Why Workplace Wellbeing Really Matters
Having worked in the recruitment industry for 15 years, and across 3 different countries, I have made some great friends and had some amazing mentors. I love the work that I do, and still, get such a sense of achievement when I find the right talent for a client. But my career has not all been smooth sailing - I have been on a steep learning curve at times! I have watched colleagues of mine excel and fail as quickly as a roll of the dice. And the pressure can be intense, sometimes ending in hostility or a highly toxic working environment.
The result of such intense pressure in the long-term can surely only lead to anxiety, stress, absenteeism, high staff turnover or unemployment? Throw a pandemic into the mix and it becomes a disaster for our mental wellbeing.
Is it enough to just talk about the importance of wellbeing in the workplace, without there being an implementable industry standard for protecting our people?
Two different company directors jump to mind (my previous employers), who both had opposing opinions about workplace wellbeing. I witnessed how they both managed their people and their compassion (or lack of), for mental health. There needs to be more to help our industry and it cannot be just left to each business owner, I will tell you why.
Let start with Director X:
He/she saw mental health concerns as a form of weakness. They were noticeably short-sighted in their actions, highly motivated by money and turned over staff regularly if they felt they did not meet their expectations. They never invested time to get to know their team and their strengths. This person never looked at the big picture or tried to find out what obstacles might be affecting staff performance.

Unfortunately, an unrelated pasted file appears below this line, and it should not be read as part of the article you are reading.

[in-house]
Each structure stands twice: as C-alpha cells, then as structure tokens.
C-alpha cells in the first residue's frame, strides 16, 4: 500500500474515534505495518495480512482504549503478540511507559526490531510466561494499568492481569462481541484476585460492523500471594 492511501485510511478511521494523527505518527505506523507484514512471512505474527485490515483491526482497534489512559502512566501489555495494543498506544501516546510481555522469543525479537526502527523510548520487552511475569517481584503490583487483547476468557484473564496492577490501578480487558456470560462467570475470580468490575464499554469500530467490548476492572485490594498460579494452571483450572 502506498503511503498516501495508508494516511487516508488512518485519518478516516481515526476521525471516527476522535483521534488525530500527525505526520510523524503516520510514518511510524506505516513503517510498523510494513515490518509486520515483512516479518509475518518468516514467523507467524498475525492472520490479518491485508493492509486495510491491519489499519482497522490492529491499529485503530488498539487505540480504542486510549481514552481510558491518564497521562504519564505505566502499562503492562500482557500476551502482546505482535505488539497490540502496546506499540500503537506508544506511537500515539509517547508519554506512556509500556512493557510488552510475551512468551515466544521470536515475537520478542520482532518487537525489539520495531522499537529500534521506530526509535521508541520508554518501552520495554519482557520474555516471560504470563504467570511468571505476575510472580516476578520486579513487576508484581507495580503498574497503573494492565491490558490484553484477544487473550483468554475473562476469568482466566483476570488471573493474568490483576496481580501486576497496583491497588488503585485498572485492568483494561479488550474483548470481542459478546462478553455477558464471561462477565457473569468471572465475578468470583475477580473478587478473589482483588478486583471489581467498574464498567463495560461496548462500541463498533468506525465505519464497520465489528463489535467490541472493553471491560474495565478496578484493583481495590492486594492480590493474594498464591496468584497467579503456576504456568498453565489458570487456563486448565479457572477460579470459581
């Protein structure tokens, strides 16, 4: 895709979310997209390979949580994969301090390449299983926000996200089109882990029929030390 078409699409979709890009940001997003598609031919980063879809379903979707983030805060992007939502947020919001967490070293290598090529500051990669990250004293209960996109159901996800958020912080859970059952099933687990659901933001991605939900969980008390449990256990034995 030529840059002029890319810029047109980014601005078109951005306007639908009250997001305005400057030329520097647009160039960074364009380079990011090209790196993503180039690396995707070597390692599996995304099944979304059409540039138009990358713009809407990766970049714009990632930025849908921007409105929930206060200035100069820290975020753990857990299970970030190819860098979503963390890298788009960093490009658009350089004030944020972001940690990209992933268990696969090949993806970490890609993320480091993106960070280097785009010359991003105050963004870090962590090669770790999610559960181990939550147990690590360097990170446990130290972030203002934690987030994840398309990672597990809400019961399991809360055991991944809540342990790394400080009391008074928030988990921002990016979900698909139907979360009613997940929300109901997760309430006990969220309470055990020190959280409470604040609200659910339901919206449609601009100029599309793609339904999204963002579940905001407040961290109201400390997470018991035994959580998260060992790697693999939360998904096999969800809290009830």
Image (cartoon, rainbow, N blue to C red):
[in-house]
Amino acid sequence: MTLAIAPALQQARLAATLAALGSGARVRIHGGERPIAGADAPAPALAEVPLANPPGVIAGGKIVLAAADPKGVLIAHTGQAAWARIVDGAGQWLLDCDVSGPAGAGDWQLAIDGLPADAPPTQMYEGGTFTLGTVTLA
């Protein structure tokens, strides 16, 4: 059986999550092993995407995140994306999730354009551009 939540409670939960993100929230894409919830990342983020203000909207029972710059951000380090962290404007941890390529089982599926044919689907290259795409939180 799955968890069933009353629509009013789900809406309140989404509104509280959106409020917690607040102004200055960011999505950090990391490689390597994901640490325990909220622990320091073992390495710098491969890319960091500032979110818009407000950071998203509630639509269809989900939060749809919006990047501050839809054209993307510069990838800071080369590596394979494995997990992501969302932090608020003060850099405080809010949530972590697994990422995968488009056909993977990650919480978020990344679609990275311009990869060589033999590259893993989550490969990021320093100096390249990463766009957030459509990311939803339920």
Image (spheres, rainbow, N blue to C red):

Director Y on the other hand:
Actively sought out support for their team and had mental health processes in place for their people to be able to talk openly about their difficulties within work and home. This leader gave their people an outlet to be able to overcome and manage their feelings of stress and anxiety.
Unsurprisingly Director Y was more profitable. Their people were more engaged, absenteeism was exceptionally low and staff turnover was non-existent. Also, because Director Y's people felt that their wellbeing mattered and they were cared for, they always gave their best performance.
I am so happy to be a Champion for Mental Health in Recruitment, and we need more voices to drive change in our industry, remove discrimination and normalize conversations and action around mental health. I believe that there needs to be a standardized approach or even government legislation to educate employers and encourage an understanding of what mental wellbeing in the workplace truly means.
Mairead Moore x